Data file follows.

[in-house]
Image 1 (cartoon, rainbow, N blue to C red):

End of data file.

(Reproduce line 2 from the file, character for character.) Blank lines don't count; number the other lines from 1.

Image 1 (cartoon, rainbow, N blue to C red):